NGO brings home Cambodian women sold into factories.
FIVE Cambodian women who entered into sham marriages after travelling to Taiwan to look for work, and who were later sold to factory owners, returned to the Kingdom earlier this month after an international NGO intervened on their behalf.
The women, who had been working in Taiwan for between one and three years, were told that they needed to marry Taiwanese nationals in order to find work. When they consented to the marriages, which were not legally valid, their "husbands" sold them into factory labour, said Ya Navuth, executive director of the Cambodian chapter of the NGO Coordination of Action Research on Aids and Mobility (Caram), in an interview with the Post Thursday.
Ya Navuth coordinated with Caram's Taiwan chapter to secure the women's return.
"Now they have come safely home," he said. "We are trying to explain to them that they should not feel afraid or ashamed so that they don't do something bad to themselves, like commit suicide."
Hopes of money abroad
Dy Sedeth, 22, one of the five women, said she stopped attending school in seventh grade, at which point she went to Vietnam with plans to eventually travel to Taiwan to earn money for her family.
The factory job she was sold into required her to work long hours under strenuous conditions. "Before that I had never even carried heavy luggage," she said in an interview Thursday.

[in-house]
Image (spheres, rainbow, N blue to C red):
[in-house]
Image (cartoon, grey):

Dy Sedeth said she believed she needed to endure the labour or risk being sold into prostitution, so she stayed at the factory for more than two years before she was employed at a restaurant.
Eventually, Catholic nuns discovered her and helped her get in touch with Caram, she said.
I still worry about Cambodian women who work in other countries.
"My parents and relatives are very happy I'm back. They don't look down on me, and they pity me that I had to live in a hell for a long time."
Citing figures provided by the Cambodian Women's Crisis Centre, Ya Navuth said there are more than 5,000 Cambodian women working in Taiwan. He called on the Cambodian government to monitor more closely citizens working overseas, especially where the issue [of the abuse of foreign workers] was common.
"I still worry about Cambodian women who work in other countries, especially in Taiwan," Dy Sedeth said.
"They don't know how to contact an agent for help, and so they can't come back home."
ADDITIONAL REPORTING BY ROBBIE COREY-BOULET